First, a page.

3 years ago

Studying relative sea level change and correlative adaptation of coastal structures on submerged Roman time ruins nearby Naples (southern Italy)

The southwestern periphery of Naples is dominated by the Posillipo promontory, an elongated tuffaceous ridge belonging to Campi Flegrei active volcanic complex (CF). The central caldera of CF is well-known for offering a rich geoarchaeological record of the vertical ground movements occurred since Roman times, as the case of the Portus Julius ruins (37 BC) presently found between 10 and 5 m bsl and the Middle Ages Lithophaga perforations at about 7 m asl on the marble columns of the mecellum previously interpreted as Serapaeum (Morhange et al., 2006). In the last one hundred years, several unrest episodes have been precisely reconstructed in the same area (Del Gaudio et al., 2010; De Martino et al., 2014), but never before, vertical ground movements have been presumed along the Posillipo hill, positioned over the caldera rim. This paper deals with a research aimed to evaluate the vertical movements at Posillipo area during the last two millennia, by means of geomorphological and geophysical surveys in three submerged archaeological sites: Nisida Roman port, Marechiaro Roman port and ruins offshore Villa Rosebery. By precisely measuring the present submersion of all remains found in those sites, two relative paleo-sea levels have been detected: one for the 1st century BC at −4.4/-5 ±0.5 m and another for the 1st century AD at −3 ±0.5 m. Only seventeen centimetres of the difference between the two paleo-sea levels is attributable to eustasy (Lambeck et al., 2011), while the rest (2 ± 0.5 m) has to be ascribed to a phase of accelerated subsidence which has still to be precisely dated and whose duration could have been as short as few years or decades. The additional subsidence suffered by the area after the 1st century AD was calculated to be 2.0 ± 0.5 m. Even though the ground deformations reconstructed in the Posillipo area appear less strong than those recognized inside the CF caldera, they prove that vertical movements of volcanic origin were not always confined inside the caldera rim. In terms of human adaptation, the observed archaeological evidence narrates that Palazzo degli Spiriti was restored closing the rooms submerged by sea, the breakwater of Marechiaro and the villa foundations at Rosebery were probably raised, in response to the relative sea level rise.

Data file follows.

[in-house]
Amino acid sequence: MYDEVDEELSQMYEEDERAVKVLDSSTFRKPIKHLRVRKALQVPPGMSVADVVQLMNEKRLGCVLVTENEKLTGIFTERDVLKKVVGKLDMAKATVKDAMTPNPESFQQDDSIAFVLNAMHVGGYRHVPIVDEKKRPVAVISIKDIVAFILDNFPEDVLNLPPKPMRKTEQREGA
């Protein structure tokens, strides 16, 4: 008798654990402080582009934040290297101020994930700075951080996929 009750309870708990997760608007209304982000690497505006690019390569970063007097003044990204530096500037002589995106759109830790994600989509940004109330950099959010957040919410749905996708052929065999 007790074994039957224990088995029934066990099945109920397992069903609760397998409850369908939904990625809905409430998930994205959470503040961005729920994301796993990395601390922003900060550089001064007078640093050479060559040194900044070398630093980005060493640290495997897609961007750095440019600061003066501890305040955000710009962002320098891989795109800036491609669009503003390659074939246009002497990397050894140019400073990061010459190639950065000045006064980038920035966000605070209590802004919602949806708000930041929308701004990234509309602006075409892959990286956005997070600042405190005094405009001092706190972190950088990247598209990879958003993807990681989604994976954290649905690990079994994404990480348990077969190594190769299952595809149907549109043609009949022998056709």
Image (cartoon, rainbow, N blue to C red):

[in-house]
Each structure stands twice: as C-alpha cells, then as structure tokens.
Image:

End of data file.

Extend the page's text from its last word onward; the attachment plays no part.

Publisher URL: www.sciencedirect.com/science

DOI: S1040618216312228

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